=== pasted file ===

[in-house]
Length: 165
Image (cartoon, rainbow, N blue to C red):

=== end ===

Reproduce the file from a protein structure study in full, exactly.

[in-house]
Length: 165
Image (cartoon, rainbow, N blue to C red):